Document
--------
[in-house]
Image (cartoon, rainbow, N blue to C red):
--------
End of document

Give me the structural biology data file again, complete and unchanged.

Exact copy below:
[in-house]
Image (cartoon, rainbow, N blue to C red):